Accident at Work*

Inadequate Lighting Accident Claims*

Inadequately lit areas can make it difficult to see hazards and steps. It is common that certain areas are badly lit due to a light bulb that has not been replaced, poorly placed fittings and lack of lighting in the area.

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Poorly Lit Areas and Incorrect Lighting

Accidents* are more likely to happen in a poorly lit area as it may be difficult to see what is in front of you. These accidents can happen anywhere and can lead to long-term injuries for those involved. Slip and fall accidents* are the most common type associated with accidents caused by badly lit areas. Incorrect lighting can make it more difficult to see potential hazards which may lead to accidents*. It is most common that these accidents happen either at work or in a public place*. These accidents * are commonly caused by negligence where the owner of the property has failed to provide a safe environment.

Who is Liable?

If you have decided that you wish to pursue an inadequate lighting accident claim* you will need to determine who was liable for your accident and injuries sustained*. If there has been any contributory negligence on your part, you may not be eligible to make a claim.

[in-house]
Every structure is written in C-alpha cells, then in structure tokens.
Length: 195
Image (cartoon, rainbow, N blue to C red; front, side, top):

Accident at Work*

If the accident occurred at work*, liability will most likely be placed on your employer. It is their responsibility to provide a safe working environment for their employees and a breach of this duty of care could find them liable. If there is a faulty bulb or lack of lighting in a certain area they should fix the problem as soon as possible to reduce the risk of accidents*. It is important that an employer carries out frequent risk assessments so that they can eliminate any potential hazards.

If the employer is renting the premises, the landlord may be found liable as they should ensure that their buildings are safe for any occupants. Any problems in the building should be reported to the landlord so that they can ensure that there are no problems.

Accident in a Public Place*